Re: Please pull ACPI updates

From: Linus Torvalds
Date: Wed Jul 16 2008 - 22:57:26 EST

On Wed, 16 Jul 2008, Jesse Barnes wrote:
> I'll dig around some more for git best practices too. Based on what I've seen
> of the x86 tree I don't have nearly enough branches

Don't worry about it. Start small. I think the x86 tree took up some
pretty extreme limits, as can be seen by their 29-way merge or whatever it
was. They also obviously have a lot more stuff going on than the PCI tree
would be expected to have.

For most people, I'd expect that a small handful of branches is good. It
might be just one, but it might be a couple of independent issues.

The point where a topic branch is _really_ useful is when you ask yourself
whether that particular change is something that you (or somebody else!)
might want to delay or test separately from some other change - that's
when "oh, let's just use a separate branch for it" is really appropriate.

Len, for example, often did topic branches for individual bugzilla
entries, and obviously for big conceptually separate things like ACPICA,
which really _is_ a totally disjoint development track.

Other people, like rmk, use topic branches for particular hardware

On the other hand, if it's a trivial and obvious thing, there's no point
in putting it into a separate branch. A number people who keep topic
branches for all their major development then end up having a "misc"
branch for just random things.

And remember: in git, topic branches are temporary things. You can rename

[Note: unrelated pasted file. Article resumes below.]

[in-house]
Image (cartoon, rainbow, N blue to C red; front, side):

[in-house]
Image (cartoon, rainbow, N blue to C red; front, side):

them, you can delete them, you can ignore them. And before you've pushed
things out, you can even decide to create a topic branch of a set of
commits _after_ the fact. So you can commit _first_, and then decide that
that commit was probably best to keep separate, so you create a topic
branch with that commit on it, an go back to the pre-commit state on your
regular branch.


- Not everybody _has_ to use topic branches. If you are maintaining
something that is very specific to begin with, _all_ your maintenance
is basically one topic to start with, so you'd never have separate
topic branches.

The filesystem people, for example, do not tend to use topic branches
for this reason. They do their filesystem. They seldom have issues that
crop up on just certain platforms etc.

- And more importantly - play around with it. Get used to it first. Look
at what other people do. Start small, with perhaps just one special
topic branch to test the waters with.

So don't worry _too_ much.

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